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Studies suggest that managers spend over half their time in meetings, and most of it is miserable. Why is that? The short answer is that too many people do not know how to conduct good meetings. The prospects can be greatly improved by some advance preparation, and a few simple rules. Here's some common wisdom we have gathered from good and bad meetings:

1. Before holding a meeting, the number one question to ask before going any further is: "is this meeting really necessary?" If the answer to that is no, cancel the meeting immediately.

2. Are the right people going to be at the meeting? If a decision needs to be made, then the decision makers need to be present. If not, it's a glorified gripe session.

3. Are the minimum number of people going to be at the meeting? If the invite list only includes those needed to accomplish the meeting's objectives, great. Any "FYI" attendees are better off getting a copy of the minutes.

4. Be specific about the reasons for holding the meeting and the objectives to be accomplished with it. Is the purpose of the meeting to solve a problem? Review progress? Plan a product or service? Educate or inform? Brainstorm? Be clear about this!

5. Know what outcome you want before starting. If you need a decision, state it up front. Ask yourself "after the meeting is over, how would I know that it was a success?"

6. Don't start a meeting without an agenda, preferably one provided well in advance. At the worst, agree to an agenda at the outset.

7. Meetings are not a good time to do basic information gathering. Do it off-line. Better: Assign advance preparation or homework for the attendees.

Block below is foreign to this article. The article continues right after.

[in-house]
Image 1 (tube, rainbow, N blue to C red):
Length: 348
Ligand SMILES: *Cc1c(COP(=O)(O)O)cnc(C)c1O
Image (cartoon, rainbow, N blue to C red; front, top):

8. Take breaks every one and a half to two hours. People's ability to pay attention declines rapidly over time. Remember college?

9. Stay focused on the agenda. Use an "issues" flip chart to track comments and tangents better deferred to a later time. People will see that their ideas are recorded.

10. Don't let side conversations proliferate. When it happens, call everyone back to the agenda. There's only room for one conversation during a meeting.

11. Use flip charts liberally. Jot down ideas as they occur. Number the pages and tape the sheets up on the wall so attendees can see the progression of the meeting. Refer back frequently to the taped up sheets.

12. If the team is being asked to buy-into the decisions and strategy, it is sometimes helpful to have each member of the team come up and sign the last flip chart to symbolize their commitment.

13. Start and end the meeting on time. Honor the clock!

14. Don't end without reviewing the action items. Identify "what, who, and when" for each: what will be done, who owns it, and by when will they complete it. Without specific action items, the meeting was a waste of time.

15. Close by asking how well the meeting went and how it could be better next time. Invite feedback with comments or a brief survey.

16. Always have flip charts and action items typed and distributed within three days after the meeting.

© Copyright 1994, HP Management Decisions Ltd., All Rights Reserved
© Copyright 1996, 2024, HP Management Decisions Ltd., All Rights Reserved.